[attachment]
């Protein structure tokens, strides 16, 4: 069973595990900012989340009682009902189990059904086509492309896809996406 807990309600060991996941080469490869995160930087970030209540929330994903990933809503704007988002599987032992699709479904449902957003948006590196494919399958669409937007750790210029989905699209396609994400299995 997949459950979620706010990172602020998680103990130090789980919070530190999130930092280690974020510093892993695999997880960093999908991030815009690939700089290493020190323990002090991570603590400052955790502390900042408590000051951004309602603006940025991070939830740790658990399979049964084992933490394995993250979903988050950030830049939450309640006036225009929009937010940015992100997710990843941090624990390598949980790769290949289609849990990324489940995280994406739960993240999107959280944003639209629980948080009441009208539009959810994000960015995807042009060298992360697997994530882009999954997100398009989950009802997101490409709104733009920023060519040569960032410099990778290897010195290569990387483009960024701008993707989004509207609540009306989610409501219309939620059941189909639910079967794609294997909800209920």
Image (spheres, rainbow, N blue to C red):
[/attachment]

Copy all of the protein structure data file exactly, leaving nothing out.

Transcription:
């Protein structure tokens, strides 16, 4: 069973595990900012989340009682009902189990059904086509492309896809996406 807990309600060991996941080469490869995160930087970030209540929330994903990933809503704007988002599987032992699709479904449902957003948006590196494919399958669409937007750790210029989905699209396609994400299995 997949459950979620706010990172602020998680103990130090789980919070530190999130930092280690974020510093892993695999997880960093999908991030815009690939700089290493020190323990002090991570603590400052955790502390900042408590000051951004309602603006940025991070939830740790658990399979049964084992933490394995993250979903988050950030830049939450309640006036225009929009937010940015992100997710990843941090624990390598949980790769290949289609849990990324489940995280994406739960993240999107959280944003639209629980948080009441009208539009959810994000960015995807042009060298992360697997994530882009999954997100398009989950009802997101490409709104733009920023060519040569960032410099990778290897010195290569990387483009960024701008993707989004509207609540009306989610409501219309939620059941189909639910079967794609294997909800209920």
Image (spheres, rainbow, N blue to C red):